At some point in our lives, we all have to go through the task of summarizing our existence on this planet into two sheets of paper which will gauge our employability. Cruel, but that's how life is.
A professor once told me, 'A CV is something that speaks about you in your absence. In that case, wouldn't you want to make sure it's the best possible representation of you?'. Unfortunately, people don't place too much emphasis on that 'representation'.
While I can't help you if you have abysmal academic records and no relevant work experience while applying for the post of CEO of a Fortune 500 company, there ARE some basic blunders you can avoid. And here they are:
1. 'Listening to music, reading' under hobbies: That's like going to a restaurant and saying, 'Get me food'. In your CV, be as specific as possible. If you write something generic like this, you risk being asked something out of your comfort zone. If all you read is Chetan Bhagat, then say so. Otherwise with your generic 'reading', you could be quizzed on the literature of Somerset Maugham, or Bahl and Bahl's treatises on Organic Chemistry (that's reading too, no?). Being specific also lends an impression: 'Listening to progressive metal and classic rock, reading English humour and webcomics' – see?
2. Forget contact details: Imagine, you have all the credentials, the fire, the passion, the marks, the experience, everything. You've got the HR head and the manager of Sales interested. But… They can't find your number, or email or contact or anything in there. Well done, genius!
3. Have your 4th standard email address: Unless you're applying for a creative role, it's best to stay away from 'firstname.lastname@example.org' or 'email@example.com' or 'firstname.lastname@example.org'. As crushing a blow as it might seem to you, HR managers are not particularly impressed by your ability to substitute numerals for phonetic sounds. Trust me when I say that having a poor email address is the first turn-off for a recruiter.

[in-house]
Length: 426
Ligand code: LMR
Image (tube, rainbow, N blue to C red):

4. Ramble: Some people believe 'CV' stands for 'Copious Volumes' and proceed to write essays about their life, education, interests, achievements, favourite colours (okay, maybe not that one, but you get the drift). Keep it short. Do NOT go beyond 2 pages. You're not that important that you need to go to a third page (no offence, but if you WERE that important, you probably wouldn't be reading an article on CV writing tips).
5. Write a generic 'goal': Most people feel this compulsive need to start their CVs with an 'objective', which is usually along the lines of 'to apply my taught and acquired skills in an organization to lead to personal and professional growth' or a variant thereof.
Okay, first off – what on earth does that even mean? And secondly – how does that differentiate you from everyone else? What were you expecting them to write? 'Hog the coffee machine and drain company resources while hitting on the boss' secretary?'. The 'goal' part of the CV is the biggest waste of your CV's real estate. Trust me, HR managers don't even look at it. Pass over it, and use the saved space to fill in an extra achievement or achievement – something that will ACTUALLY differentiate you.
I hope these CV tips help you out! Now go get ready and prepare for that interview (for which I'll give you a few tips next week!)
Image: Getty Images
Deepak Gopalakrishnan aka Chuck is a Mumbai-based cartoonist, blogger and green chilli aficionado.
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